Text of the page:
It has been six years since Mariano Rivera notched his 602nd save, and passed Trevor Hoffman for the most saves in Major League Baseball history. Holding on to a 6–4 lead against the Minnesota Twins, a familiar tune came over the stadium speakers and the Sandman trotted to the mound. Despite being the smallest crowd in the three year history of the new Yankee Stadium, the fans made their presence known. Everyone got on their feet and took out their cameras knowing they were about to see something special. They were about to see history.
Trevor Plouffe stepped into the box. Mo looked in, set up and fired. The crowd was hanging on every pitch, and when the Ump called strike they erupted in applause. Plouffe would ground out to second base, one down two to go. Michael Cuddyer lined out to right field. Chris Parmelee, Minnesota’s last hope, went down looking on three pitches. And just like that, the son of a fisherman from Panama became MLB’s all-time saves leader. Who would’ve imagined back in 1995, after he lasted just 3 1/3 innings and lost 10-0 to the Angels as a starter, that he would become the greatest closer of all time?
Russell Martin came from behind home plate to give him a big hug, followed by the rest of the Yankees’ players, dugout and bullpen. After the hugs, high fives and congratulations, Mo was left alone on the field and waved his cap to the cheering fans. When asked about the experience he said:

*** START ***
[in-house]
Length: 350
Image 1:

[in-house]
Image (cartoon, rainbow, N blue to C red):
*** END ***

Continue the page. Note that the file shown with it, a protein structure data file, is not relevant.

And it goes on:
“Oh, my God, for the first time in my career, I’m on the mound alone. It was priceless. I didn’t know it could be like that.”
Mo amassed his 602 saves in 674 chances, while Hoffman got his 601 in 677 tries. He finished the 2011 season with a 1.91 ERA and 44 saves in 49 opportunities, becoming the first pitcher over the age of 40 to save at least 40 games in a season.
“I want to congratulate Mariano Rivera on setting the all-time saves record. It’s a great accomplishment and he is still going strong! I have tremendous respect for Mariano not just for his on-field accomplishments, but also for his service to the community.” -Trevor Hoffman